What I haven’t delved into yet is that the league also negotiated the right to shorten the 2021 draft to a 20-round affair. If you’re pretending this is all unrelated, that’s by far the most curious part of the whole deal; the 2021 draft is more than a year away, and while we have no idea whether or not the pandemic will touch it, it’s safe to say that if 2021 is that affected we’ve got much bigger problems to deal with than a baseball draft. Why are we making major changes to the 2021 draft as part of a deal to get quick resolution to immediate issues, anyway?

The answer is clear if you’re cynical enough. We know through prior reporting (including by J.J. Cooper in Baseball America and Bill Madden in the New York Daily News) that the league was already trying to reduce the 2021 draft to, wait for it, 20 rounds. They used a catastrophic global pandemic to negotiate unrelated draft changes they already wanted to make.

Make no mistake, this is all intended to starve the life out of the minor-league system as you know it. There will be dozens fewer players per team under contract over the next few years, which will in turn become yet another justification to cut the levels of baseball that MLB has wanted to cut since last year.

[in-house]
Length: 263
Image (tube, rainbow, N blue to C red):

Much of the discourse surrounding minor-league contraction assumes baseball is good enough at picking and developing the right talent that dropping a significant chunk of draftees and international signings will be of little or no consequence. There won’t be a change in the talent levels, or the change will be imperceptible.

This isn’t actually true. One needn’t look further than Mets pitcher Seth Lugo—one of the better relievers in the game over the past few years—to show that. Do you actually think a 33rd-round pick out of Division-III Centenary College of Louisiana who got popped only after an associate scout prodded an area scout to invite him to a tryout is actually filtering into pro ball in a 20-round draft for a minor? What about Luke Voit, a 22nd-round senior sign who spent his first pro summer filling out a catcher spot in a New York-Penn League slated to no longer exist?

The assumption that all future major-league players are in the top half of potential for their farm system and grow relatively linearly might be true in a video game or simulation setting. But player development simply does not work like that in real life, and players who otherwise would have become good major leaguers in five or 10 years will become accountants and teachers and construction workers because each team will draft 50-plus fewer players over the next two years. Most of them will simply never see a professional baseball field at all.